it seems true to me. This should basically comes down to the fact that one can classify birational equivalence classes of curves over k in terms of the 'abstract curves' coming from all possible discrete valuations on dimension 1 function fields K/k. So using the fact that in this situation it is sufficient to check the valuative criterion on DVRs it seems like it should not be so hard to see the equivalence. The argument I had in mind is as follows:

The valuative criterion implies the statement above. For the converse it is sufficient to show that any f: Spec K -> X lifts to an open subset of the curve C_K determined by K/k by which I mean the unique nonsingular projective curve in the birational class corresponding to K/k (the distinguished point in the complement we think of as being removed is uniquely determined by the discrete valuation we pick so that is no problem). If f just hits a closed point we can just collapse C_K via the structure map to Spec k and this is fine since there is nothing to lift. If not, we hit a dimension 1 point whose closure with the reduced induced structure determines some curve C' birational to the corresponding C_K'. The map K' -> K induces a dominant morphism g: C_K -> C_K'. We thus get a map by taking a common (up to isomorphism) open in C_K' and C' , taking its preimage U in C_K and considering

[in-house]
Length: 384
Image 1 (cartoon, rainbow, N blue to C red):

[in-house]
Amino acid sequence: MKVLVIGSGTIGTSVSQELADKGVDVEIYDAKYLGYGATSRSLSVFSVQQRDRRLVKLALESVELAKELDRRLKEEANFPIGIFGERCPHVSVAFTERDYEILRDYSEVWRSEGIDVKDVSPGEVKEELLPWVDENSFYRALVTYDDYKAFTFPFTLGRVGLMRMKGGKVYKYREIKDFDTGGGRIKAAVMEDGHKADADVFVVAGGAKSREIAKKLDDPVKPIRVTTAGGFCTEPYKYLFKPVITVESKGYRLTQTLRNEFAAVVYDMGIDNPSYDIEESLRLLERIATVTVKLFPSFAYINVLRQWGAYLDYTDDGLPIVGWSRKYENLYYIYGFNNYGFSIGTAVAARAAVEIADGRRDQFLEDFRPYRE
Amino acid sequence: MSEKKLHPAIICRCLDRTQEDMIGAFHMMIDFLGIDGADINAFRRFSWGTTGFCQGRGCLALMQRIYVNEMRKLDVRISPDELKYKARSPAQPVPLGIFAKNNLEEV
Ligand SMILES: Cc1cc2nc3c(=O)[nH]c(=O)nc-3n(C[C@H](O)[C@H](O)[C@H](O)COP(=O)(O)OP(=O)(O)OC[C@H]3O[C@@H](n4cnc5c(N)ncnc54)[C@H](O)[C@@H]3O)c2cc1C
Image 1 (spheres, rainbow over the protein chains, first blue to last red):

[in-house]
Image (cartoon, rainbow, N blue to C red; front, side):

U -> C' -> X which is the desired lift of f to the quasi-projective curve U.

I think there is also a slicker argument using the categorical definition of finite presentation.

For the same reasons this works for checking separatedness when one makes the obvious modifications to the statement.

Over other bases I am not sure at the moment... I can't remember if the birational classification is still that simple (although some people implicitly mean by variety that everything is over some fixed alg. closed base).

In the more general case (if your definition of variety doesn't include a finite type over a noetherian base hypothesis) where one needs non-noetherian valuation rings I think this interpretation is false - non-noetherian valuation rings can have arbitrary dimension.